D. Controllers and processors that comply with the verifiable parental consent requirements of the Children’s Online Privacy Protection Act (15 U.S.C. § 6501 et seq.) shall be deemed compliant with any obligation to obtain parental consent under this chapter.
59.1-573. Personal data rights; consumers.
A. consumer may invoke the consumer rights authorized pursuant to this subsection at any time by submitting a request to a controller specifying the consumer rights the consumer wishes to invoke. A known child’s parent or legal guardian may invoke such consumer rights on behalf of the child regarding processing personal data belonging to the known child. A controller shall comply with an authenticated consumer request to exercise the right:
1. To confirm whether or not a controller is processing the consumer’s personal data and to access such personal data;
2. To correct inaccuracies in the consumer’s personal data, taking into account the nature of the personal data and the purposes of the processing of the consumer’s personal data;
3. To delete personal data provided by or obtained about the consumer;
4. To obtain a copy of the consumer’s personal data that the consumer previously provided to the controller in a portable and, to the extent technically feasible, readily usable format that allows the consumer to transmit the data to another controller without hindrance, where the processing is carried out by automated means; and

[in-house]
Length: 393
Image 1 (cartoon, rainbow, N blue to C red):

5. To opt out of the processing of the personal data for purposes of (i) targeted advertising, (ii) the sale of personal data, or (iii) profiling in furtherance of decisions that produce legal or similarly significant effects concerning the consumer.
B. Except as otherwise provided in this chapter, a controller shall comply with a request by a consumer to exercise the consumer rights authorized pursuant to subsection A as follows:
1. A controller shall respond to the consumer without undue delay, but in all cases within 45 days of receipt of the request submitted pursuant to the methods described in § 59.1-573 A. The response period may be extended once by 45 additional days when reasonably necessary, taking into account the complexity and number of the consumer’s requests, so long as the controller informs the consumer of any such extension within the initial 45-day response period, together with the reason for the extension.